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Due Dilligence Matters

Blog post by Peter Riddell

Tuesday 9 January 2018

The Toby Young affair is essentially about politics, rather than the rules and procedures of the public appointments process. Yet there remains the question: are there flaws in the process which allowed the debacle to happen, especially in the area of ever-present social media? Without any doubt this row makes a strong case for more extensive due diligence inquiries by departments in any case of doubt about a candidate.

Appointments to members of boards, as opposed to chairs, are largely self-regulated by departments subject to the Government’s Governance Code which I monitor as a regulator. What this means is that vacancies for posts are publicly advertised after the panel agrees a recruitment strategy with ministers, candidates apply and can also be suggested by ministers and special advisers. A short list is then drawn up in relation to the criteria in the advert and interviews are undertaken by advisory assessment panels involving a senior official from the department and an independent member. In the case of Mr Young, the interview panel was chaired by Sir Michael Barber, chair of the Office for Students.

The panel recommended ten candidates as being appointable for the general non-executive posts, including Mr Young. The recommendation of Mr Young was unqualified and very positive. Ministers made clear they were looking for a wide range of experience in addition to the direct higher education background possessed by a majority of the board. Five candidates were chosen and appointed by ministers. This is in addition to the nine board members previously announced and the position earmarked for candidates with student experience,

As Commissioner I only become involved in such appointments of members of boards later, usually, if there is controversy or a complaint. I first heard about Mr Young’s appointment on January 1st and since then my team has been looking at whether it was consistent with the Code.

The changes introduced last year to the Government’s Governance Code giving a greater formal role to ministers made no difference to the choice of Mr Young. Judged by the report of the interview panel, which I asked to see, the procedures have been followed in the formal sense of a fair and open competition. Mr Young also correctly disclosed relevant political activity, notably speaking and canvassing on behalf of a party and candidate, in his case the Conservatives, as well as his relevant educational activities.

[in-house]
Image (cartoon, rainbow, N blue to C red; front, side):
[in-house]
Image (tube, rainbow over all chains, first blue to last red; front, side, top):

The question is whether this was sufficient and whether these procedures are adequate given the strong criticisms expressed in the media and in the Commons on Monday from all sides including by senior Conservative chairs of select committees. The report of the interview panel to ministers made no mention of Mr Young’s history of controversial comments and use of social media. As Sarah Wollaston, chair of the Health Committee and the Liaison Committee of select committee chairs, pointed out yesterday in the Commons; ‘When we apply for jobs, we all say whether or not there is anything in our past that could cause embarrassment’.

Candidates should certainly be asked this question.

Jo Johnson, the then Minister for Universities, Science, Research and Innovation, said that ‘neither he nor the department were aware of the offensive tweets before the appointment was made, but there is nothing unusual about that. Many of the remarks were made years– in some cases, decades- ago and it is not reasonable or proportionate for the Government to trawl through tens of thousands of tweets over many years when making public appointments’.

The problem with that view is that in Mr Young’s case, some of his offensive tweets were unearthed publicly almost as soon as his appointment was announced, and had been the subject of media coverage in the past.

Moreover, the Governance Code requires those holding public office to uphold the Nolan principles of public life and to act in accordance with Government policies on equality and diversity. But how far back should you go? You don’t want to have a hard and fast rule that says people in public life can never have said or written anything controversial, or unpopular, and, maybe, there should be some kind of practical statute of limitation for the sins of youth and college years. But the nature and general unacceptability of the comments also matters, as well as the more recent timing, and that ultimately did for Mr Young.

The main lesson of this episode is that department and interview panels should not just focus on a candidate’s specific suitability for post. They should also press candidates on the potential embarrassment question, as they are already do on conflicts of interest. Any additional points should be included in the material sent to ministers who make the final choice.

Ministers have every right to expect that it be undertaken by their officials– not least, as Mr Johnson found in the Commons on Monday, the first Public Appointment Principle states: ‘The ultimate responsibility for appointments and thus the selection of those appointed rests with ministers who are accountable to Parliament for their decisions and actions’.

Ministerial responsibility means, of course, taking the criticism when an appointment proves to be controversial, as in this case.

Due diligence matters and often saves later difficulties.